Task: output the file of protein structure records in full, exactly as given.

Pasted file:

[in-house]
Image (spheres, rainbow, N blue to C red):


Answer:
[in-house]
Image (spheres, rainbow, N blue to C red):